Although the phrase “Achilles’ heel” may be a well known expression for “weakness amidst overall strength”, the real facts about the Achilles tendon and its potential injuries are less commonly understood. Many patients are unaware that Achilles tendonitis is a common condition among middle-aged recreational athletes. However, if you or someone you love is suffering from pain in the Achilles tendon, it may be time to talk to a doctor at Rothman Institute. Our specialized Achilles pain tendonitis physicians have the expertise and experience necessary to answer all of your questions and to provide the treatment you or your loved one may need.
What is the Achilles Tendon?
The Achilles tendon is a strong, fibrous cord that connects the muscles in the back of your calf to your heel bone. Without proper stretching, this tendon can become very tight, which may result in injuries such as Achilles pain, tendonitis, or even rupturing. Just four or five minutes of stretching a couple times a day can help to keep the Achilles tendon healthy and may prevent injuries when you go about your daily activities.
What is Achilles Tendonitis?
Achilles Tendonitis is a condition characterized by inflammation and irritation of the Achilles tendon. Symptoms include pain and swelling in the heel, especially when it is used for physical activity, including walking or running. Other symptoms may include the feeling of tightness or a limited range of motion when flexing (extending or dorsiflexing) the foot.
This condition is a fairly common overuse injury, especially among middle-aged recreational athletes. With overuse of the heel, symptoms like those mentioned above may manifest. Additionally, Achilles tendonitis can also lead to a series of tears within the tendon, making it susceptible to rupture. Because of this potential for further damage if left untreated, it is important to seek out help from one of Rothman Institute’s Achilles pain tendonitis physicians. Such early treatment can help you to avoid further injury and allow you to return to those activities you love.
How is this Condition Treated?
The best way to treat Achilles tendonitis and the resulting pain is prevention. Stretching the Achilles tendon prior to exercise, and even at the beginning to the day, will help to promote ankle flexibility. In cases where foot mechanics contribute to tendonitis, shoe inserts such as heel cups or arch supports can help.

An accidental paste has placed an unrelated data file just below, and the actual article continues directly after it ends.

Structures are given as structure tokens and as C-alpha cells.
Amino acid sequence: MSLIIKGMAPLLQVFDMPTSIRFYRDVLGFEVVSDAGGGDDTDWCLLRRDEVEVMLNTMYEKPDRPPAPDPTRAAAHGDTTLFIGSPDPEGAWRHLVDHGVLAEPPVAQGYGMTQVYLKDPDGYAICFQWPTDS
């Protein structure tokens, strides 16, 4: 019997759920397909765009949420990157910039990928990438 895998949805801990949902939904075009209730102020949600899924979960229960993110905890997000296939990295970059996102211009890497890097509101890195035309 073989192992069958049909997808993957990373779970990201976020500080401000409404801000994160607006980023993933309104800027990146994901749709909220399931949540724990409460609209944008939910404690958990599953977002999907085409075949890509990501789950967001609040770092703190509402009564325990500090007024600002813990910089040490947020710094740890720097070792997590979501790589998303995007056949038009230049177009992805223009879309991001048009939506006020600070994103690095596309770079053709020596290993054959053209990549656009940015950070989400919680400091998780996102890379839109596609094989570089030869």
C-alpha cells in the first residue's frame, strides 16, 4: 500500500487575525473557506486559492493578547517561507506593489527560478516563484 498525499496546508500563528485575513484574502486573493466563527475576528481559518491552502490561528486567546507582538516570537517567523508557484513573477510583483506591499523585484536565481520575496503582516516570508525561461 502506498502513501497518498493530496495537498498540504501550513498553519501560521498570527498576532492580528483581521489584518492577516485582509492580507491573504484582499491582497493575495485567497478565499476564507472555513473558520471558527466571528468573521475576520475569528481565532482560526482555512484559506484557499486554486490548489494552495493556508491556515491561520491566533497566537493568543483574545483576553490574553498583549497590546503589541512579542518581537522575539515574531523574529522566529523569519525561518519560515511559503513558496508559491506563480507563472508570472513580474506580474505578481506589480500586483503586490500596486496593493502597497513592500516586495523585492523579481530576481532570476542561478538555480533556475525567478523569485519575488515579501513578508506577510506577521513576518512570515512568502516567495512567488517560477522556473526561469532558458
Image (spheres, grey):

When Achilles tendonitis does develop, there are a number of different nonoperative treatments that prove effective. These include:
- Rest: After the onset of symptoms, a period of rest is important because it allows the swelling to subside and allow healing.
- Immobilization: If symptoms are more severe, immobilization may be more effective. A removable walking boot or cast can quickly allow the inflamed tendon to cool.
- Ice: When applied to the area of swelling, ice can help to stimulate blood flow and relieve pain. Patients with recurring symptoms should use ice several times a day, especially after exercise.
- Anti-Inflammatory Medications: Both the pain and swelling of Achilles tendonitis can be improved with non-steroidal, anti-inflammatory medications (NSAIDs).
- Physical Therapy: A physical therapist can help you form a stretching and rehabilitation program to improve flexibility and prevent future injury to the Achilles tendon.
Before beginning any of these treatments, it is important to talk with a doctor.
Although most cases of Achilles tendonitis can be resolved with nonoperative treatment, surgery may be necessary to repair damaged portions of the tendon in recurrent cases. To help prevent this necessity, make sure you talk with an Achilles pain tendonitis physician early on.
Where Can I Find Achilles Pain Tendonitis Physicians?
If you or someone you love is suffering from the pain of Achilles tendonitis, it is important to get help before the condition worsens. If you live in or around Philadelphia, the best Achilles pain tendonitis physicians are nearby at Rothman Institute.Specializing in orthopedics of the foot and ankle, these doctors have the unique knowledge necessary to provide you or your loved one with the best possible care.
For more information or to make an appointment, contact Rothman Institute today at 1.800.321.9999.